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In computer science, the state of a program is defined as its condition regarding stored inputs. The term "state" here is used similarly to how it is used in science — whereas the state of an object, for instance, as a gas, liquid or solid, shows its current physical makeup, the state of a computer program shows its current values or contents.
The stored inputs in a computer program are stored as variables or constants. In analyzing the state of a program, developers may go through and look at values that are stored in these inputs. As the program is executed, its state may change — variables can change and the values that are stored in memory can also change. For example, a control variable such as a variable used in a loop changes the state of the program at each iteration. Looking at the state of a program can be considered a testing method or a way of analyzing the code base.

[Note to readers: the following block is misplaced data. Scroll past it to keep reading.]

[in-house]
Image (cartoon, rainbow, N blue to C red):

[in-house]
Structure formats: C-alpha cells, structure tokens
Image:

Developers also talk about different types of states, for example, contrasting two complementary states that are not contradictory to one another or contrasting two different states resulting from different operations.